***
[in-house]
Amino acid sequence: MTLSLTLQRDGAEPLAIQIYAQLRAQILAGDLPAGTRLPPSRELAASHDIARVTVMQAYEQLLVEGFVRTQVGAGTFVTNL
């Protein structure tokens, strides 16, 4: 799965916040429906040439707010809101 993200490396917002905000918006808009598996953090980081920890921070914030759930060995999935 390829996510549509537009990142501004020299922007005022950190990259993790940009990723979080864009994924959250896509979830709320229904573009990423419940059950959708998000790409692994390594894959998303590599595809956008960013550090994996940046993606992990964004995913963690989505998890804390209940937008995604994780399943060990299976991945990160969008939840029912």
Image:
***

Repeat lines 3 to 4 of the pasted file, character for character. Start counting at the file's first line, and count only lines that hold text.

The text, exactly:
């Protein structure tokens, strides 16, 4: 799965916040429906040439707010809101 993200490396917002905000918006808009598996953090980081920890921070914030759930060995999935 390829996510549509537009990142501004020299922007005022950190990259993790940009990723979080864009994924959250896509979830709320229904573009990423419940059950959708998000790409692994390594894959998303590599595809956008960013550090994996940046993606992990964004995913963690989505998890804390209940937008995604994780399943060990299976991945990160969008939840029912």
Image: